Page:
Sew what?

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By Carolyn Risner

I am ashamed. Eight girls, eight young girls who are three, four, even five times younger than I am have shown me just how incompetent I am in an area where women are, by tradition, supposed to excel.

Of course it's sewing and when it comes to the fine art of stitchery, I am all thumbs. The gals of the Suwannee River Fair have accomplished more in their short lives than I have in four decades.

My grandmothers were seamstresses, but of course, back in the day they had to be out of sheer necessity.

I grew up with feedsack dresses trimmed in rickrack.

My own mother was adept with needle and thread.

She didn't sew a lot, but she could. How can I forget the muslin crop tops that we wore in the 70s over our turtlenecks. Or the jumpsuits? Gad! They were awful, but we thought we were tres chic.

I never had an inclination to sew. Never saw the need to take a home ec course.

And then there was a revelation after I had my first child, and planned on a bigger family.

I could make their clothes and save wads of money.

So I bought a Brother electric sewing machine, an assortment of patterns, some cheap fabric and I took off.

I crashed.

After a long day at the kitchen table with all my accoutrements spread around me, I had managed to sew a dress that only had four pieces.

But when I held it up, there was no neck to slide over Barbie's head.

Yes, I made the mistake of trying to sew doll clothes, only later learning that I should have never started with teeny, tiny Barbie clothes.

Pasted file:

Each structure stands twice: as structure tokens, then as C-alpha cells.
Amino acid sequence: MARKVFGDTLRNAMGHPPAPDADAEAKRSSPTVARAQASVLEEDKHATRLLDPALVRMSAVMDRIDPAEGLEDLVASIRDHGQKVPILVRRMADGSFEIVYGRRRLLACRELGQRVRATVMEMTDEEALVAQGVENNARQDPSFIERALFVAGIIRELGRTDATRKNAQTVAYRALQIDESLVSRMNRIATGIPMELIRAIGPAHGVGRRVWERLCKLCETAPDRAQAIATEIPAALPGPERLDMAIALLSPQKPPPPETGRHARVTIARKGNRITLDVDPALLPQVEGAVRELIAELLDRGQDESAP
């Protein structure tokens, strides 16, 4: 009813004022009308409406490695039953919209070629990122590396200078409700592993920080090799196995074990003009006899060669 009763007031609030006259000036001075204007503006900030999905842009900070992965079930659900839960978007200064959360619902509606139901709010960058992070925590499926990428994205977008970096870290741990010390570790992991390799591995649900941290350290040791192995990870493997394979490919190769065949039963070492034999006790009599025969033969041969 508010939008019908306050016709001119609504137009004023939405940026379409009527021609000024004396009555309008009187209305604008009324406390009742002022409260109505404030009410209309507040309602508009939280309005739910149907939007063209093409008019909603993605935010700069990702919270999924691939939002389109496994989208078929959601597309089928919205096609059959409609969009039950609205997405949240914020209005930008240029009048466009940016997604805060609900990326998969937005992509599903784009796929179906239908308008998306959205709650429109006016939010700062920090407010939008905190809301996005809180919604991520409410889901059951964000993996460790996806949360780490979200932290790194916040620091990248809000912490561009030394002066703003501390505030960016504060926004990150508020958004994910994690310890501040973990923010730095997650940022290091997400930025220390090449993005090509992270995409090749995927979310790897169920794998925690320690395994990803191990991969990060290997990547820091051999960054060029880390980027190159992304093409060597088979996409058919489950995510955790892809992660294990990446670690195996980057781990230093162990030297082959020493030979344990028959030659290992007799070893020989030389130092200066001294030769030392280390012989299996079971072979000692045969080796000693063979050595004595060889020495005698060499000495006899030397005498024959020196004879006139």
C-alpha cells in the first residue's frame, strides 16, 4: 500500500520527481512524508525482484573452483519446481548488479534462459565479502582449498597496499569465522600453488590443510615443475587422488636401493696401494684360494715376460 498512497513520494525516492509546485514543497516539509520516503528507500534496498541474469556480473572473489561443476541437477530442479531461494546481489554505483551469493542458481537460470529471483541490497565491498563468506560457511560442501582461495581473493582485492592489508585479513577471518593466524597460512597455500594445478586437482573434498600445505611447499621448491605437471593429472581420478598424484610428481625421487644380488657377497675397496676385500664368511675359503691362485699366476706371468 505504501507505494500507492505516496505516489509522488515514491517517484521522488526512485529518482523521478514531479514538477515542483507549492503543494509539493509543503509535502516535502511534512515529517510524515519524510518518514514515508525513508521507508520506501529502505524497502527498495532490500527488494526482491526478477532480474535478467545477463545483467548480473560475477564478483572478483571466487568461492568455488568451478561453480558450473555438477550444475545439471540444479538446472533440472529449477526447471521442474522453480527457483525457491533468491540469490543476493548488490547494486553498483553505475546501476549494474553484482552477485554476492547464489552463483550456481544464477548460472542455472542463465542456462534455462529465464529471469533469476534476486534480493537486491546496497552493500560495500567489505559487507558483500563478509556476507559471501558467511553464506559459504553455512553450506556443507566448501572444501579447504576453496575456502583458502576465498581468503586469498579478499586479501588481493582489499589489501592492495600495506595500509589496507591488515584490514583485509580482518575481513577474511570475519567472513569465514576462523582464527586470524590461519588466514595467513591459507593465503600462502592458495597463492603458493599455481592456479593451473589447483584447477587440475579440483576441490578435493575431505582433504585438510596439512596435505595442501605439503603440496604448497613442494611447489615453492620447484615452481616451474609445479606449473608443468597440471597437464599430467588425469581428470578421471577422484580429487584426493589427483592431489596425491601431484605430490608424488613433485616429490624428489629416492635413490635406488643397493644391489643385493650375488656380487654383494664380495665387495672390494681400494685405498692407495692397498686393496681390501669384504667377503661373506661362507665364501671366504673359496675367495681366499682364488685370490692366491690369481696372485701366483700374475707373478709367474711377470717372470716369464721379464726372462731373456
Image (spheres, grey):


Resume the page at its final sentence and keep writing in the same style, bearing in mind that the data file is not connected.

I quickly learned how to use a seam ripper that evening and abandoned that project, opting to try a jumper for Allison. Again, four piece: front, back and two straps.

Again, disaster.

The sewing machine was delegated to the closet shelf and years later when, as a Scout mother I was told badges needed to be sewn on before the Christmas parade, I discovered fabric glue.

It became a constant bail-out friend and after a while, I knew I didn't need to know how to sew.

When someone needed something hemmed, I hired it out-or else used staples in strategically hidden spots.

When badges needed to be sewn, I used more fabric glue.

When something needed taken in, I gained weight to avoid it.

If something needed letting out, I went on a diet.

Soon I learned there were many ways to get around not knowing how to sew.

I admire those who can whip up a little old frock in a few hours.

I envy the talents of quilters who make meticulous stitches.

But as for me and my house, we'll just depend on the kindness and skills of others.

Oh, ladies, I have some alterations for you . . .